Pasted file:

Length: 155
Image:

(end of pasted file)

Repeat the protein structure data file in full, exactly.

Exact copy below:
Length: 155
Image: